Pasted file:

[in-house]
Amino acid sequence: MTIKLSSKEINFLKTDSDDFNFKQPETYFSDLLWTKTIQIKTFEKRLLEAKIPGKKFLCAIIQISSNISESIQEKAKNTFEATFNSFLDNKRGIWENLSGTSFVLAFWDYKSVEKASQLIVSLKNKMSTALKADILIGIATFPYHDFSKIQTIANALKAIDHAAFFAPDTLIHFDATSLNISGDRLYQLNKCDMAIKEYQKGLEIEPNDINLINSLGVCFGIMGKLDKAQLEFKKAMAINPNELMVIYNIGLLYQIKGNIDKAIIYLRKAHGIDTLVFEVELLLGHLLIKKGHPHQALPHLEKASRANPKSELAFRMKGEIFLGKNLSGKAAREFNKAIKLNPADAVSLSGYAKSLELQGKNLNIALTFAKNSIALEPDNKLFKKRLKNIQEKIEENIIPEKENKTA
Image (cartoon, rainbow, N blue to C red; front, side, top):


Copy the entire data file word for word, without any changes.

[in-house]
Amino acid sequence: MTIKLSSKEINFLKTDSDDFNFKQPETYFSDLLWTKTIQIKTFEKRLLEAKIPGKKFLCAIIQISSNISESIQEKAKNTFEATFNSFLDNKRGIWENLSGTSFVLAFWDYKSVEKASQLIVSLKNKMSTALKADILIGIATFPYHDFSKIQTIANALKAIDHAAFFAPDTLIHFDATSLNISGDRLYQLNKCDMAIKEYQKGLEIEPNDINLINSLGVCFGIMGKLDKAQLEFKKAMAINPNELMVIYNIGLLYQIKGNIDKAIIYLRKAHGIDTLVFEVELLLGHLLIKKGHPHQALPHLEKASRANPKSELAFRMKGEIFLGKNLSGKAAREFNKAIKLNPADAVSLSGYAKSLELQGKNLNIALTFAKNSIALEPDNKLFKKRLKNIQEKIEENIIPEKENKTA
Image (cartoon, rainbow, N blue to C red; front, side, top):